Cosmetic Warriors Shares Valuation Battle, Differing interpretations of Company Rules

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Cosmetic Warriors Shares Valuation Battle, Differing interpretations of Company Rules

Cosmetic Warriors Shares Valuation Battle, Differing interpretations of Company Rules

This decision is another example of shareholders falling out and being unable to agree on the interpretation of the company rules.


Two of the founder (minority) shareholders decided to leave the company and served notice on the company that they wanted to sell their shares. This triggered the pre-emption provisions in the articles and one of the issues in point was how to value the selling shareholders’ shares.

What are pre-emption provisions?

Companies often contain a rule in their articles of association whereby when an existing shareholder wants to transfer its shares, those shares must first be offered to existing shareholders. This is called a right of pre-emption or a right of first refusal. In this case, a company’s articles contained a right of pre-emption. It said that if a shareholder wanted to transfer its shares, it had to offer them to existing shareholders at a price to be determined by accountants but the method of valuation was not expressly set out.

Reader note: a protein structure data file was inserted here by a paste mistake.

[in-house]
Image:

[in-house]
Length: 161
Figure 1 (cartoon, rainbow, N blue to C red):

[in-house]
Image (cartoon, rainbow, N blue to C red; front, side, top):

How should the sale shares be valued?

The question arose as to whether the shares being sold should be valued on the basis of:

(i) a pro rata proportion of the value of the equity of the company as a whole and ignoring the fact the sale shares constituted a minority holding; or
(ii) the price that might be achieved for the shares being transferred as between a willing buyer and a willing seller of the particular block of shares being sold and taking into account the fact the sale shares constituted a minority holding.

The decision and its impact

The judge decided on the first valuation basis i.e. that the price of the shares to be sold meant the price per share with the company valued on a going concern basis and that had to mean a valuation of the company as a whole. The judge noted that at the point of valuing the shares, the parties wouldn’t know the identity of the purchaser. The parties were also unlikely to know to what extent the purchaser may be prepared to pay a special price for the shares for example, because it would add to their existing stake and potentially create a majority shareholding. The articles could not have expected the accountants to apply any special valuation rules (discounts or premium) to cater for the type of purchaser and the number of shares comprising the block being sold.

The court found it relatively easy to interpret the drafting to decide on the method of valuation so although the drafting was clear in one regard it still lacked precisely set out steps to enable the reader to reach a robust conclusion on valuation straight away. This is another case highlighting the importance of thinking through every element of the subject in point when drafting and catering precisely for what is intended.

Cosmetic Warriors Ltd & Anor v Gerrie [2017] EWCA Civ 324

For more information, contact Cathy Goodman, Corporate Professional Support Lawyer.